"Myths of origin" or "creation myths" represent an attempt to render the universe comprehensible in human terms and explain the origin of the world. The most widely accepted version at the time, although a philosophical account of the beginning of things, is reported by Hesiod, in his Theogony. He begins with Chaos, a yawning nothingness. Out of the void emerged Eurynome, Gê or Gaia (the Earth) and some other primary divine beings: Eros (Love), the Abyss (the Tartarus), and the Erebus. Without male assistance, Gaia gave birth to Oranos (the Sky) who then fertilized her. From that union were born first the Titans—six males: Coeus, Crius, Cronus, Hyperion, Iapetus, and Oceanus; and six females: Mnemosyne, Phoebe, Rhea, Theia, Themis, and Tethys. After Cronus was born, Gaia and Oranos decreed no more Titans were to be born. They were followed by the one-eyed Cyclopes and the Hecatonchires or Hundred-Handed Ones. Cronus ("the wily, youngest and most terrible of Gaia's children") castrated his father and became the ruler of the gods with his sister-wife Rhea as his consort, and the other Titans became his court.
A motif of father-against-son conflict was repeated when Cronus was confronted by his son, Zeus. Because Cronus had betrayed his father, he feared that his offspring would do the same, and so each time Rhea gave birth, he snatched up the child and ate it. Rhea hated this and tricked him by hiding Zeus and wrapping a stone in a baby's blanket, which Cronus ate. When Zeus was grown, he fed his father a drugged drink which caused Cronus to vomit, throwing up Rhea's other children and the stone, which had been sitting in Cronus' stomach all along. Then Zeus challenged Cronus to war for the kingship of the gods. At last, with the help of the Cyclopes (whom Zeus freed from Tartarus), Zeus and his siblings were victorious, while Cronus and the Titans were hurled down to imprisonment in Tartarus.
Zeus was plagued by the same concern and, after a prophecy that the offspring of his first wife, Metis, would give birth to a god "greater than he"—Zeus swallowed her. She was already pregnant with Athene, however, and they made him miserable until Athene burst forth from his head—fully-grown and dressed for war. This "rebirth" from Zeus was used as an excuse for why he was not "superseded" by a child of the next generation of gods, but accounted for the presence of Athene. It is likely that cultural changes already in progress absorbed the long-standing local cult of Athene at Athens into the changing Olympic pantheon without conflict because it could not be overcome.
The earliest Greek thought about poetry considered the theogonies to be the prototypical poetic genre—the prototypical mythos—and imputed almost magical powers to it. Orpheus, the archetypal poet, also was the archetypal singer of theogonies, which he uses to calm seas and storms in Apollonius' Argonautica, and to move the stony hearts of the underworld gods in his descent to Hades. When Hermes invents the lyre in the Homeric Hymn to Hermes, the first thing he does is sing about the birth of the gods. Hesiod's Theogony is not only the fullest surviving account of the gods, but also the fullest surviving account of the archaic poet's function, with its long preliminary invocation to the Muses. Theogony also was the subject of many lost poems, including those attributed to Orpheus, Musaeus, Epimenides, Abaris, and other legendary seers, which were used in private ritual purifications and mystery-rites. There are indications that Plato was familiar with some version of the Orphic theogony. A silence would have been expected about religious rites and beliefs, however, and that nature of the culture would not have been reported by members of the society while the beliefs were held. After they ceased to become religious beliefs, few would have known the rites and rituals. Allusions often existed, however, to aspects that were quite public.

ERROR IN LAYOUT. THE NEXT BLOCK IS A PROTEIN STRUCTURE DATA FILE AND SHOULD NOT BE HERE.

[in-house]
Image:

Images existed on pottery and religious artwork that were interpreted and more likely, misinterpreted in many diverse myths and tales. A few fragments of these works survive in quotations by Neoplatonist philosophers and recently unearthed papyrus scraps. One of these scraps, the Derveni Papyrus now proves that at least in the fifth century BC a theogonic-cosmogonic poem of Orpheus was in existence. This poem attempted to outdo Hesiod's Theogony and the genealogy of the gods was extended back to Nyx (Night) as an ultimate female beginning before Eurynome, Uranus, Cronus, and Zeus. Night and Darkness could equate with Chaos.
The first philosophical cosmologists reacted against, or sometimes built upon, popular mythical conceptions that had existed in the Greek world for some time. Some of these popular conceptions can be gleaned from the poetry of Homer and Hesiod. In Homer, the Earth was viewed as a flat disk afloat on the river of Oceanus and overlooked by a hemispherical sky with sun, moon, and stars. The Sun (Helios) traversed the heavens as a charioteer and sailed around the Earth in a golden bowl at night. Sun, earth, heaven, rivers, and winds could be addressed in prayers and called to witness oaths. Natural fissures were popularly regarded as entrances to the subterranean house of Hades and his predecessors, home of the dead. Influences from other cultures always afforded new themes.